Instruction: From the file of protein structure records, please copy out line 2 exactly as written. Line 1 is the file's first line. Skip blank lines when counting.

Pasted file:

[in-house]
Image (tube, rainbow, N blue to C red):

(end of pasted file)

Image (tube, rainbow, N blue to C red):